Answers to the questions I had going into the Ultimaker 3 launch event (plus a few surprises):

The nozzle lift does not require an extra motor. The left nozzle is fixed, and the right nozzle drops below it or lifts above it using a switch on the side of the effector, and there's a piece of plastic on the side that the it runs the switch into to toggle it (judging by the force needed to switch it by hand, it's probably close to the stall torque on the Y axis).

The OLED display does appear to have been replaced with an LCD, for some reason.

The construction is almost identical to the UM2 aside from the effector. It looked like it might have been built out of different materials because of the lack of black dibond edges, but it's the same material with a white core. They did, however, remove the indentations from the top that allow the machines to be stacked.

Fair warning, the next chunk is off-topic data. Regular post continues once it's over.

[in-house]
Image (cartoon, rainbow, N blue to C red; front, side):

The Matterhackers guys said that they're still using the same old ultimaker controller boards (still no 32-bit), but have added a single-board computer (Raspberry Pi equivalent) running linux to handle the networking, flash drive, and camera. Camera images are retrieved by Cura using an HTTP request, so it will be easy to set up something else to monitor them.

Nozzle height is calibrated with a capacitive system (most likely measuring the movement of the nozzle/heater block when the printcore spring compresses).

Everything but the print cores was a bit underwhelming, and I would rather have seen those as part of the UM2+ upgrade (probably the only reason this didn't happen was because of the added wires needed to connect to the new components).

Between this and the proliferation of multi-input-single-output bowden systems, I think 2017 will be the year that desktop multi-extrusion really catches on.
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